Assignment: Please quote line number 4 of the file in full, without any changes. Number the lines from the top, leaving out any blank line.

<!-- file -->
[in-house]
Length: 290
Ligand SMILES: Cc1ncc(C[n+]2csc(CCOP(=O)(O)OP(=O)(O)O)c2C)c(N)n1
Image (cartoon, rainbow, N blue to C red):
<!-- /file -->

Image (cartoon, rainbow, N blue to C red):